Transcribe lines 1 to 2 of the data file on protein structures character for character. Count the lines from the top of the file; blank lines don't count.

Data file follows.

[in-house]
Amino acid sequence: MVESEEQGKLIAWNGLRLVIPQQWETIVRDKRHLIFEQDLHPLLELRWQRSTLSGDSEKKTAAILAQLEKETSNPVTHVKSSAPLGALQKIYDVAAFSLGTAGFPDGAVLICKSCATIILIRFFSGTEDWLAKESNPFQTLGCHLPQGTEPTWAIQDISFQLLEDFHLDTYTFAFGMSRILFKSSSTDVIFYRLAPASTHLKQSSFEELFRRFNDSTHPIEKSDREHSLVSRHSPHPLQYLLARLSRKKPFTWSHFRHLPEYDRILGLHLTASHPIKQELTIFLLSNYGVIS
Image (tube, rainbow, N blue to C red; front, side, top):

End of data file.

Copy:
[in-house]
Amino acid sequence: MVESEEQGKLIAWNGLRLVIPQQWETIVRDKRHLIFEQDLHPLLELRWQRSTLSGDSEKKTAAILAQLEKETSNPVTHVKSSAPLGALQKIYDVAAFSLGTAGFPDGAVLICKSCATIILIRFFSGTEDWLAKESNPFQTLGCHLPQGTEPTWAIQDISFQLLEDFHLDTYTFAFGMSRILFKSSSTDVIFYRLAPASTHLKQSSFEELFRRFNDSTHPIEKSDREHSLVSRHSPHPLQYLLARLSRKKPFTWSHFRHLPEYDRILGLHLTASHPIKQELTIFLLSNYGVIS